Your favorite filmmaker's style just became an official adjective. If you've ever attempted to break down a director's style to a colleague, falling victim to going the route of, for example, "it's just very Lynchian," or it's "so Tarantinoesque," there's some good news on the horizon: You can no longer be accused of making up words to describe the indescribable. You're not at a loss for words if you describe something as "Spielbergian;" you've just found the perfect one. Yes, the Oxford English Dictionary (OED) has unveiled its latest round of Continue reading "Stanley Kubrick, David Lynch, Steven Spielberg, and More Officially Added to the Oxford English Dictionary"
Set in Brooklyn, this topical tale confronts the grey areas involved in the national conversation on police brutality. If you had the power to expose law enforcement wrongdoing, knowing that it could negatively affect you and your family's future for the rest of their lives, would you do it? Less interested in a "Rashomon effect" than a domino one, Reinaldo Marcus Green's Monsters and Men confronts this question head-on, following three separate narrative threads each affected by the senseless killing of an African-American man by the New York Police Department on a corner in Continue reading "From Short to Feature (and a Sustainable Career): Director Reinaldo Marcus Green on ‘Monsters and Men’"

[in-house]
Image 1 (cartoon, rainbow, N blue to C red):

For David Lowery's latest film, the director enlisted the help of an editor he was familiar with. At 82 years young (and in what may or may not be his final starring role in a motion picture), Robert Redford stars in David Lowery's quietly complex The Old Man & The Gun as Forrest Tucker, an obsessive bank robber who's just so damn charming. His routine? Walk into a bank dressed as an elderly businessman complete with hat, overcoat, and what one might assume is a hearing aid (but is really an Continue reading "‘The Old Man & The Gun’ Editor Lisa Zeno Churgin on the Keys to a Successful Director/Editor Relationship"
Universal Studios presents an early Halloween fright flick for the family. There are few predicaments that sound more stress-inducing than living in a house with a clock in its walls (and you thought the sounds of the beating Tell-Tale Heart were loud) and quite a boisterous one it is in Eli Roth's film adaptation of John Bellairs's 1973 novel, The House with a Clock in Its Walls. A children's horror fantasy that focuses on a young boy (Owen Vaccaro) who, after his parents pass away, moves in with his warlock Uncle Continue reading "Watch: Go BTS on Eli Roth’s Spooky ‘The House with a Clock in Its Walls’"